→ In an age where you are what you tweet, voicing your opinion via your personal Twitter account can either win you online popularity or, in some cases, land you in hot water with your employer. Organizations today are tuned into their employees’ Twitter accounts more than ever–and aren’t afraid to drop the axe for bad online behaviour. The City of Toronto did just that last November when it sacked three firefighters for posting offensive tweets that were seen as degrading to women. Officials said the tweets violated city policy. Homophobic tweets may not sit well with employers either. Such was the case with former Rogers Sportsnet anchor Damian Goddard, who was fired in May 2011 for tweeting his viewpoint on same-sex marriage in response to Todd Reynolds, a hockey agent who had tweeted about his disapproval of New York Rangers forward Sean Avery for appearing in a marriage equality advertisement. Hate speech is hate speech, but is firing an employee for tweets seen as homophobic a pro-active approach? Where should companies draw the line when it comes to censoring its employees’ Twitter accounts? We asked three pundits to weigh in on the debate:

“If you say something the court agrees is hateful, then you should be fired. If it’s just an unpopular opinion, then I don’t think people should be fired for that. When you start saying, ‘You can’t say that,’ you’re making sure people say things you’re only comfortable with. Sometimes being offended is a good thing. It makes you stop and think about what you’re reacting to.” —Brad Fraser, playwright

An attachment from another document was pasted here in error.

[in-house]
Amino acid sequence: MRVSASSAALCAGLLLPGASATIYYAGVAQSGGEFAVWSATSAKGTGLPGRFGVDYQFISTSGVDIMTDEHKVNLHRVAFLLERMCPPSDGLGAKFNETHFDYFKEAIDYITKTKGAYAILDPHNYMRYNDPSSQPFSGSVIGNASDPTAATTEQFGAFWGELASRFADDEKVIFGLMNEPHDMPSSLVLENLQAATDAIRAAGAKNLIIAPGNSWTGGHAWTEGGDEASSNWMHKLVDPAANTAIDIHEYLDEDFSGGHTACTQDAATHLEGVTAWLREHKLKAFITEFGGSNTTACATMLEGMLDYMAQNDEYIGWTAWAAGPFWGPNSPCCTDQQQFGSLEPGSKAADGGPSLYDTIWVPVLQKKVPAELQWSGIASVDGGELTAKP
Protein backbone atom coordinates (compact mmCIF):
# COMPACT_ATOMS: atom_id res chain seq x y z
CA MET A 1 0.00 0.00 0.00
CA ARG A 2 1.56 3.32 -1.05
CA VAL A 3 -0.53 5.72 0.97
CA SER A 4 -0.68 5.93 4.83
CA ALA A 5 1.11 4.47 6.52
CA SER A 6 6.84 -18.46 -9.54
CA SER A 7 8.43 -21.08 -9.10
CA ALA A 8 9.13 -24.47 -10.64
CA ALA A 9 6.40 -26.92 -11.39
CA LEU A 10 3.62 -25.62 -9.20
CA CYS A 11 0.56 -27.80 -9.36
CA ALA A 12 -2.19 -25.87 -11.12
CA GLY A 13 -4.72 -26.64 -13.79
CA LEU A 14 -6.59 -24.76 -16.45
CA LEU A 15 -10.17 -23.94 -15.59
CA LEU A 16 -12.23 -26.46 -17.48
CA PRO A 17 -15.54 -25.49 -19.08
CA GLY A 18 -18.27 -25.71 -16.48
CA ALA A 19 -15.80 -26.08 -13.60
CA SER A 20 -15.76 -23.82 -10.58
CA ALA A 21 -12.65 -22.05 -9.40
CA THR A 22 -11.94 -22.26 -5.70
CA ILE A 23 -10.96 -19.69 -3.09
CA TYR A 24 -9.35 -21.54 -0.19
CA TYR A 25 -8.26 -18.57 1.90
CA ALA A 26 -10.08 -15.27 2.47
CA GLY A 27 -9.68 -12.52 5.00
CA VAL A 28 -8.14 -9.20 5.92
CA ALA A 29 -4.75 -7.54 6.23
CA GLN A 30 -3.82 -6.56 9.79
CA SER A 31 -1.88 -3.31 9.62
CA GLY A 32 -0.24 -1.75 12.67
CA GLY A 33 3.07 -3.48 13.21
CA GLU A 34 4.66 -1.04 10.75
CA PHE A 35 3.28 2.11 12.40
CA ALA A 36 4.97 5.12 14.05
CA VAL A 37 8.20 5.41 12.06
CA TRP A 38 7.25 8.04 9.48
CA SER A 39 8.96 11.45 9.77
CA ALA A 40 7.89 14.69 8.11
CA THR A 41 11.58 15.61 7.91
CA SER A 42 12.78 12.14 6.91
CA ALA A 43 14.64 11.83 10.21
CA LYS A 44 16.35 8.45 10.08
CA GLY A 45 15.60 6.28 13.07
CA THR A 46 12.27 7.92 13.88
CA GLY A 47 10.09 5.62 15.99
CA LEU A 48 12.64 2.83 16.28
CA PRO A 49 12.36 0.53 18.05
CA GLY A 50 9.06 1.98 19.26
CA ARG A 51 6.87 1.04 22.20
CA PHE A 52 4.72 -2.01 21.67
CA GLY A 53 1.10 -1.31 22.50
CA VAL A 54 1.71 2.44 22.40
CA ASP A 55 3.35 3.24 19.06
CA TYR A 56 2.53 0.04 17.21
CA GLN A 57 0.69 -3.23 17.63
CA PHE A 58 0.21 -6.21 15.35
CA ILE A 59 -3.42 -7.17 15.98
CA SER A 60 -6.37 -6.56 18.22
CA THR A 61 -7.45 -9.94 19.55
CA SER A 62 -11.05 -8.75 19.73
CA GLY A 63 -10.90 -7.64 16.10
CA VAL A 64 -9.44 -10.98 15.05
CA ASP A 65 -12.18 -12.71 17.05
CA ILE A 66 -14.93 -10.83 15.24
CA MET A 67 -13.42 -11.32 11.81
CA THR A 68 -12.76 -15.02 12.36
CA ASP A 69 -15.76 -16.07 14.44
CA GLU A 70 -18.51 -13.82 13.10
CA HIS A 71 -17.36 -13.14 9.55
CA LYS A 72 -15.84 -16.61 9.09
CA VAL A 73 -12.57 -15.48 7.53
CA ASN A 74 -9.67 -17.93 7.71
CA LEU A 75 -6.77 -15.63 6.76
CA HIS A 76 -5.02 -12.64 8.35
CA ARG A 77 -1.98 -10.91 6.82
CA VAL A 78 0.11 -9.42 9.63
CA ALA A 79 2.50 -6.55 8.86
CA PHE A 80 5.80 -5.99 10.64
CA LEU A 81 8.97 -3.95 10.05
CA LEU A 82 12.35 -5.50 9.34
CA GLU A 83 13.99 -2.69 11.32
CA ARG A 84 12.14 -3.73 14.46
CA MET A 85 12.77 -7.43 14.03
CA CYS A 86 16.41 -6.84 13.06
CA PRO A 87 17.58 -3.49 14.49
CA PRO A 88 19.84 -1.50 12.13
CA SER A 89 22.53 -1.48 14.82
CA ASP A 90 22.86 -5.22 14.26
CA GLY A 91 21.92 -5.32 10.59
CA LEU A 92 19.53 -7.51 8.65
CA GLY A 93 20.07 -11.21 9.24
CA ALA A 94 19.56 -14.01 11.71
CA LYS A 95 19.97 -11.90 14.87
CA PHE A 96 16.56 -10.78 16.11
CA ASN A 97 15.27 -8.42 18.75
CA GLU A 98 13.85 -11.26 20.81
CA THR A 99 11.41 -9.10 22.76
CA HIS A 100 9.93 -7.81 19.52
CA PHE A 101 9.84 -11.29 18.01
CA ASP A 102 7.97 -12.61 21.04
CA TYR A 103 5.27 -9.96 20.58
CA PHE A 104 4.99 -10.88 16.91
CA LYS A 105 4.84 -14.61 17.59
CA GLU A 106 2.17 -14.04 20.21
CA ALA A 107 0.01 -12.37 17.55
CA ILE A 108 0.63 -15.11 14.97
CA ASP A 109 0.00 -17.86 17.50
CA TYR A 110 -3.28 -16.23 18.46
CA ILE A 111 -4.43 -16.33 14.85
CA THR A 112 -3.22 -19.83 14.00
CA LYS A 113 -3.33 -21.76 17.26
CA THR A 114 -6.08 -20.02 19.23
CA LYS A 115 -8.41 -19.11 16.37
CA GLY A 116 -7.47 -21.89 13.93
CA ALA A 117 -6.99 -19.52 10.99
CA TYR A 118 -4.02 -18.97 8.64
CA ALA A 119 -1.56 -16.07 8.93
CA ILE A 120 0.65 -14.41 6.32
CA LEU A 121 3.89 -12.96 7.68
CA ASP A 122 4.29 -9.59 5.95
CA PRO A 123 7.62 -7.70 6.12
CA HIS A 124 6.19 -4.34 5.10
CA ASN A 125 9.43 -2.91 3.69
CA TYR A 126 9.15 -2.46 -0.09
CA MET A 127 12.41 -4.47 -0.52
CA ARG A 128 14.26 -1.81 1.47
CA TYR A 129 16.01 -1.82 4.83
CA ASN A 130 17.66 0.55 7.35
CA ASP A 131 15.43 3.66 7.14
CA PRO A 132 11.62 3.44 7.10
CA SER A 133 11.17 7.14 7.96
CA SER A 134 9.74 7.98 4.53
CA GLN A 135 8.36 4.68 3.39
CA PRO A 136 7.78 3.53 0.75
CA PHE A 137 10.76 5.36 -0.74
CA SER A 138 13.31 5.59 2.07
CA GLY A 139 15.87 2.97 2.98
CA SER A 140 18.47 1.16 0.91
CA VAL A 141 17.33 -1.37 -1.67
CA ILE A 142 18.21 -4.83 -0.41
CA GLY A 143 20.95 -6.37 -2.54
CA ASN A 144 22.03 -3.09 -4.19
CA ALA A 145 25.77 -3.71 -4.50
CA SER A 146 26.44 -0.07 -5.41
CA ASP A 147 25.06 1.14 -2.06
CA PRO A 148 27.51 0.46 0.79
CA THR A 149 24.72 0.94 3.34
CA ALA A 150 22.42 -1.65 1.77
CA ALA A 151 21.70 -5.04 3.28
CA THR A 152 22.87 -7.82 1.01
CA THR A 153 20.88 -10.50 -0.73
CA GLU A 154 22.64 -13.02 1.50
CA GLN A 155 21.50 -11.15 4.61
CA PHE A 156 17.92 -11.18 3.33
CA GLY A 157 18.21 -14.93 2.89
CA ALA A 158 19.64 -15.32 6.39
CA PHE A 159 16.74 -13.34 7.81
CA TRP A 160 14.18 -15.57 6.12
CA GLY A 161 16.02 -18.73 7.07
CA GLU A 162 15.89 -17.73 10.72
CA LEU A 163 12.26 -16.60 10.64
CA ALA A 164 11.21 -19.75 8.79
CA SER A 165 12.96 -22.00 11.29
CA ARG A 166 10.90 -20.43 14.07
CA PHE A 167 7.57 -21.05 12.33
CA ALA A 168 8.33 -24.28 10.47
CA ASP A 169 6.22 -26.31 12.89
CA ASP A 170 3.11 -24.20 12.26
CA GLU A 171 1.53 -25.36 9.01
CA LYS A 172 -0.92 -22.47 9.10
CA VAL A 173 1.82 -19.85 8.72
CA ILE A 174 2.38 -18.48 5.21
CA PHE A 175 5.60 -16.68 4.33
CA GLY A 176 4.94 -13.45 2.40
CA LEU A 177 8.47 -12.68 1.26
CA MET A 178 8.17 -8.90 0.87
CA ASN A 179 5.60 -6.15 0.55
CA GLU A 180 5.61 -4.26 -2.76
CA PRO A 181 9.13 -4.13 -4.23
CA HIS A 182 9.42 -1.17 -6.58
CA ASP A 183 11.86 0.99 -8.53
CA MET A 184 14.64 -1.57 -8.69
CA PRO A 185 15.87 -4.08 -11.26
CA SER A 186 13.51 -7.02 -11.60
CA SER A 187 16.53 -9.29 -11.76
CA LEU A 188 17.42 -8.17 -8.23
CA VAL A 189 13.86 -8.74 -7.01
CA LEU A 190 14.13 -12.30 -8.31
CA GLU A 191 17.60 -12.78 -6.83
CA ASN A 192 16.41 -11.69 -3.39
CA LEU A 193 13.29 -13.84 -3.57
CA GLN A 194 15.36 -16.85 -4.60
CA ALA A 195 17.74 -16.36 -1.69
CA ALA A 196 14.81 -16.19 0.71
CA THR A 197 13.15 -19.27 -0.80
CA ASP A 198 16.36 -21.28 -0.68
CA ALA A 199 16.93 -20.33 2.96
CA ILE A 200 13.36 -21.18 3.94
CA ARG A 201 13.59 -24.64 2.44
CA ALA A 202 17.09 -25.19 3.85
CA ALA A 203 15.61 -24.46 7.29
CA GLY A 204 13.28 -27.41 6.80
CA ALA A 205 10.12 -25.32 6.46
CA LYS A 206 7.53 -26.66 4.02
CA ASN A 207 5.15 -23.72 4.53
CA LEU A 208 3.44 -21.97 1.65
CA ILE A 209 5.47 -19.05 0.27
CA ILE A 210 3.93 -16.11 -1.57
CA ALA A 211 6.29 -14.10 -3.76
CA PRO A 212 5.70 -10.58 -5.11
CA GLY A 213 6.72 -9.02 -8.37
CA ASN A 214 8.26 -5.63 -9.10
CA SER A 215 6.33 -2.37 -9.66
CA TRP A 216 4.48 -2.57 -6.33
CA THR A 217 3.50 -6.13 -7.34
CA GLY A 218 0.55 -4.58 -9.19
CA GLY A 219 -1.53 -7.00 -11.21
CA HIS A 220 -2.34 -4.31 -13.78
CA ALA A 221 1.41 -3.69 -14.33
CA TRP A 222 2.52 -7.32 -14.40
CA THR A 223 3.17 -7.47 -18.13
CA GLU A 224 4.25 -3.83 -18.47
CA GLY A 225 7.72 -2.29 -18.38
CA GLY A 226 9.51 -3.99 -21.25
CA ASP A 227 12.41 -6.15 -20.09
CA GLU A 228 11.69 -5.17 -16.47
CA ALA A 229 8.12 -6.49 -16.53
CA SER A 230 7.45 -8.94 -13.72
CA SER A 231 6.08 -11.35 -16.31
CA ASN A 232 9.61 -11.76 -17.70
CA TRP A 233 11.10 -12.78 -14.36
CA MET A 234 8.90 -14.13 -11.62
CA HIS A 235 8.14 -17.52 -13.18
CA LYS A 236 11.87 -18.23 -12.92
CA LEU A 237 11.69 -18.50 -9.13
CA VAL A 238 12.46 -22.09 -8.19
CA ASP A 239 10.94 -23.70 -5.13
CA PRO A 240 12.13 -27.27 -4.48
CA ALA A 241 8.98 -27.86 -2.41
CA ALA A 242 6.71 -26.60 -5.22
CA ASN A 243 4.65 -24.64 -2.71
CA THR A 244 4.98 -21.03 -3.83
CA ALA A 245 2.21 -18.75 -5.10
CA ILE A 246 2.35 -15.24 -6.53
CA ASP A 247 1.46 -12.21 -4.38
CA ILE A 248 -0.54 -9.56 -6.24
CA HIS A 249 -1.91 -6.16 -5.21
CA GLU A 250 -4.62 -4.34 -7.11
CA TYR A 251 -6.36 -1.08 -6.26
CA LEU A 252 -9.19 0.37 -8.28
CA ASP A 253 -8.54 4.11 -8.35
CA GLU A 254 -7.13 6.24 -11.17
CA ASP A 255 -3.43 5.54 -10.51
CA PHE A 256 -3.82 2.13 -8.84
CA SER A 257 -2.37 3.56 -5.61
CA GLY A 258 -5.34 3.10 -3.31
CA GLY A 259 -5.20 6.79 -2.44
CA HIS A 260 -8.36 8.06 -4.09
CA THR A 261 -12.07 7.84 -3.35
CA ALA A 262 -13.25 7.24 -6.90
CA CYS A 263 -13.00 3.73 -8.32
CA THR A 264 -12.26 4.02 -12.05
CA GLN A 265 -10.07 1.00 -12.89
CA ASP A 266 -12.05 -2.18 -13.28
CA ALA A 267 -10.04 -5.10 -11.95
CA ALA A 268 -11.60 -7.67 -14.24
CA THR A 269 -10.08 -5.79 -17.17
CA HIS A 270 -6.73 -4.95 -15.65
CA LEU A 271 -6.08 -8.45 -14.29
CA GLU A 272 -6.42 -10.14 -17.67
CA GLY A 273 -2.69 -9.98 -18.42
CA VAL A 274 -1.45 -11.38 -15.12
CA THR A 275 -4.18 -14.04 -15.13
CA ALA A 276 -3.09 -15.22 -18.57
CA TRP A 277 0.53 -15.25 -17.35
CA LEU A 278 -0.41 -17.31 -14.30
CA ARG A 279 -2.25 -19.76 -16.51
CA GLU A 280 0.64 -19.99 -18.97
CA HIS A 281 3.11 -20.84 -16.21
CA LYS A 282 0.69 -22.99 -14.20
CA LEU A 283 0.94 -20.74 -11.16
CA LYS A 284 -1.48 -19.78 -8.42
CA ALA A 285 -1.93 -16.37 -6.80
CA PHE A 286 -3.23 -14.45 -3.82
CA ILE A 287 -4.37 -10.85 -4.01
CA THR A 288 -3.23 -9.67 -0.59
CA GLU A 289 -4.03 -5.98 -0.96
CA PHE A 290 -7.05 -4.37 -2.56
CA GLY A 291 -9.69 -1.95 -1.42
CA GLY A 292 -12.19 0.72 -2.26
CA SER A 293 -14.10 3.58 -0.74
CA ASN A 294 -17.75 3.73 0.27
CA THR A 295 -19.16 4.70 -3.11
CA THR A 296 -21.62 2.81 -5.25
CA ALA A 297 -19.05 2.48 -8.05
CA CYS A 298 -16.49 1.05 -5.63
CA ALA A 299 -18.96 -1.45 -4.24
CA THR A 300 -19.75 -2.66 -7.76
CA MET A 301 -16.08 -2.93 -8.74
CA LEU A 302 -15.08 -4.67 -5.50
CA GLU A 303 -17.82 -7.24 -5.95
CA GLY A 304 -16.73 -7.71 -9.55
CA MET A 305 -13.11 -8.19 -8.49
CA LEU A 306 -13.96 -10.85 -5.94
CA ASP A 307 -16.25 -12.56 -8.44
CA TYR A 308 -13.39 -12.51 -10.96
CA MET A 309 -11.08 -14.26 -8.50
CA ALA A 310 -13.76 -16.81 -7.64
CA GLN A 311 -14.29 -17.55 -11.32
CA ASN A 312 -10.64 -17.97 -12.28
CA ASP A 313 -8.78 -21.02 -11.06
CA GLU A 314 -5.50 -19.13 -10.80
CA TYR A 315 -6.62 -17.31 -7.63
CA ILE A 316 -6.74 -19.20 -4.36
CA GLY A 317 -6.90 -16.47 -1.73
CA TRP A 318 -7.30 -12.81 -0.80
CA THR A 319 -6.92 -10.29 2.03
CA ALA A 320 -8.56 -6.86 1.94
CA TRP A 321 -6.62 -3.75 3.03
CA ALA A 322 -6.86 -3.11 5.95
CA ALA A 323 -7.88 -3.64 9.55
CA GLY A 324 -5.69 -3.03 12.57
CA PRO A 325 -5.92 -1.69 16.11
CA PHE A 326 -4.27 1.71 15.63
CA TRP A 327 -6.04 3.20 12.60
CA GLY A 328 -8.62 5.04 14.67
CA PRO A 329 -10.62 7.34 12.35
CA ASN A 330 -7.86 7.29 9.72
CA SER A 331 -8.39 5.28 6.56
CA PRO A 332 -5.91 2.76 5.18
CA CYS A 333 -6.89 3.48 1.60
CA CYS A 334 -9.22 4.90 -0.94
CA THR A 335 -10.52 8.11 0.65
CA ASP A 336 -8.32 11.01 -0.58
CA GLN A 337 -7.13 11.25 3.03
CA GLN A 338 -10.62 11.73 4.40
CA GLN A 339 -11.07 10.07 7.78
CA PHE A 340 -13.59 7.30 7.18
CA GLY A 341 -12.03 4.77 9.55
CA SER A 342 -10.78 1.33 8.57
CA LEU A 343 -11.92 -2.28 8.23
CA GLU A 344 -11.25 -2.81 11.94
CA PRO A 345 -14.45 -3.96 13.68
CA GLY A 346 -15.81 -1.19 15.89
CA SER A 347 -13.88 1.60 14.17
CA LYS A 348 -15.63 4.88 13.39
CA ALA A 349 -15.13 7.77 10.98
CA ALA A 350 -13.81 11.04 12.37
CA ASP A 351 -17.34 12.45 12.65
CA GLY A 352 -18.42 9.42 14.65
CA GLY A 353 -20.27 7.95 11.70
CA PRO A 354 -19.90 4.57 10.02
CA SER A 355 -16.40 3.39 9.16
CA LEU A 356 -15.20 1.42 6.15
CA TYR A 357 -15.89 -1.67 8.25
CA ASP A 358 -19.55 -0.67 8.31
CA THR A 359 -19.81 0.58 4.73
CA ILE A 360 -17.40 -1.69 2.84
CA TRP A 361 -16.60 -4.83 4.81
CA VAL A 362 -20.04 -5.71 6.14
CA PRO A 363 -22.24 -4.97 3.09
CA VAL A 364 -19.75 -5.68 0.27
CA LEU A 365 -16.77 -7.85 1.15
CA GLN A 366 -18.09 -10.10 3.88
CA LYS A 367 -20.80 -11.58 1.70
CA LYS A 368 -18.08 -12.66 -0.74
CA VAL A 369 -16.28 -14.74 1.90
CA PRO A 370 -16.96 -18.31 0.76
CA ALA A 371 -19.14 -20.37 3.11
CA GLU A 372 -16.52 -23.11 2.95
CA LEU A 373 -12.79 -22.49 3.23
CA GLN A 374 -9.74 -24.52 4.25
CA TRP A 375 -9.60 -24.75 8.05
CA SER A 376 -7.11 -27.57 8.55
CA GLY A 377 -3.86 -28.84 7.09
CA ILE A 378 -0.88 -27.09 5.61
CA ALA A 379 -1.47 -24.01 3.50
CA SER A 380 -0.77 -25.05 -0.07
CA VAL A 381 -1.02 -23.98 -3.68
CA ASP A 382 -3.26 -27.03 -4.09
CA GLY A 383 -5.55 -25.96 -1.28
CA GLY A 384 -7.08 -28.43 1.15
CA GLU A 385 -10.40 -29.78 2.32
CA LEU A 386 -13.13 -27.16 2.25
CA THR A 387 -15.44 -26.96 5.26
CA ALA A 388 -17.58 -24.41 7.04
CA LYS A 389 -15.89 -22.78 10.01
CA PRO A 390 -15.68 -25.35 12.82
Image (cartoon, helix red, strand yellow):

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“If it’s a public service job, then you’re working for the public. I’d like to make sure there were certain [social media] policies in place. Maybe you get three strikes? Do you undergo sensitivity training? If you represent a company, then that’s where one might lose their job or a privilege. [But] I don’t think firing somebody and everybody washing their hands represents progress. If someone says something homophobic on Twitter, it means we’re living in a homophobic world. Firing somebody doesn’t necessarily change the culture.”

“I can understand why an organization might want to fire because it’s worried about its reputation. But firing someone does not solve a problem. It just takes the problem off the employers to-do list… In feminism, it’s called the fragile flower approach. As if, ‘Oh my goodness. We have to shut these people down because their views are going to diminish us.’ Having people express their miserable views makes them appear like miserable people. I’m more comfortable with that than the alternative.”

—Roy Mitchell, artist/activist

—Lisa Taylor, journalism professor at Ryerson University/former lawyer

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21/11/2013 2:28:46 PM

toronto talk exchange Letters: Yes, it Does Matter, and Will You Shut Up?